Sound familiar?

Dodgy divorce lawyer caught by putting foot in mouth

An American lawyer found herself in the midst of a billing scandal after she represented a husband in a divorce. Once the matter had ended, the lawyer gave the husband a detailed bill of the hours she had worked on the matter. Soon after, the wife called up the husband and asked if she could have a look at his bill to compare it to hers. It soon emerged that the wife's lawyer had billed twice as many hours for the same deposition, and twice as many hours for court attendances, than the husband's lawyer. In short, the wife's bill was double the husband's.

Unfortunately for the wife's lawyer, he got caught. How? He let slip to the wife's father, the day before trial, that "we have to settle because I didn't prepare for trial." But the matter did go to trial, and lo and behold the wife's lawyer billed her for 10 hours of "trial preparation". The wife pointed this out and she was promptly refunded the money.

Keddies and other compo rip-offs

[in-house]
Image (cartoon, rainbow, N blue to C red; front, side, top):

Australia, of course, is not immune to dodgy billing practices, with a few high-profile cases emerging in the last couple of years. Foremost amongst them are the Keddies investigations, in which numerous clients of the firm have come forward and said they were, amongst other things, not told about their settlement details, not given itemised bills - or any bills at all - and were overcharged.

In one particular case, 80 per cent of a client's compensation payout went to the firm in legal fees and other expenses. Other claims included being charged $60 for a client welcome letter, a $49 fee for reading a client's thank-you card, and multiple billing of clients for the same expenses. There were also cases involving clients in Asia, a number of which were settled for around $300,000, with the firm taking a helping of about $250,000. Many of the complaints against Keddiess disappeared and the firm is known to have repaid at least some of the overbilled amounts.

Then, of course, there is the ongoing case of David Forster, the lawyer who acted for victims of the Navy Voyager disaster. Justice Karin Emerton in the Victorian Supreme Court recently said Forster's former firm, Hollows Lawyers, had committed "serious irregularities in relation to trust money". Some clients had their disbursements billed twice, final statements were not sent out, discounts from barristers were not passed on, and the firm billed different clients for the same work. Some billing even went beyond 24 hours a day. Despite this, the judge found that the breaches were not deliberate. He had, apparently, simply paid insufficient attention to detail when trust accounting and was "unduly hasty" in taking his professional fees.

When billable hours go bad ...